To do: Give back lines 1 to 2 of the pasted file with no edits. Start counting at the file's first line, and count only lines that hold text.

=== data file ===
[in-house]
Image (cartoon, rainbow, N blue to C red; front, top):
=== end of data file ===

[in-house]
Image (cartoon, rainbow, N blue to C red; front, top):